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Hospital Records Falsified in Waiting Room Death Case

July 3, 2008

By now you’ve probably seen the widely distributed and quite disturbing video showing a 49-year-old woman dying on the floor of a Brooklyn psychiatric hospital. The woman, Esmin Green, collapsed and died in the waiting room of the hospital and lay there for more than an hour until hospital staff responded. The hospital is now facing intense scrutiny from many groups, including the American Civil Liberties Union and the Department of Justice.

Among the many allegations leveled at the hospital and its staff is one concerning the authenticity of the electronic records relating to Green’s care. The New York Civil Liberties Union states that hospital staff falsified Green’s records in an attempt to cover up the amount of time she was without assistance.

“Contrary to what was recorded from four different angles by the hospital’s video cameras, the patient’s medical records say that at 6 a.m., she got up and went to the bathroom, and at 6:20 a.m. she was ‘sitting quietly in waiting room’ — more than 10 minutes since she last moved and 48 minutes after she fell to the floor.”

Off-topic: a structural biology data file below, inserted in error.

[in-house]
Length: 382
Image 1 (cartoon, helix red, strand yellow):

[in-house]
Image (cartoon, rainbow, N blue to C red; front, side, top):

Considering the severity of the allegations and outrage over Green’s death and mistreatment, it is not difficult to comprehend the employee’s motivation for falsifying the times on Green’s records. In his blog BizTechTalk, Delphi Group’s Dan Keldsen asks, “Do YOUR systems support verifiable, tamper-proof audit trails? Are you synchronizing the date/timestamps of related systems, such as in this case, video surveillance?”

Keldsen goes out to ask his readers scary but important questions such as “can people back-date contracts in your organizations? Invoices? E-mail messages? If you need to roll-back your entire systems to a certain point in time to see exactly what offers were made to who and when, could you do it?”

This, of course, is a dramatic example of the importance of digital time-stamping. Though most companies do not deal in life and death matters on a daily basis, it’s critical to remember that someone could always have motivation to manipulate your electronic records and the results could lead to litigation, regulatory investigation or any number of other harmful consequences.

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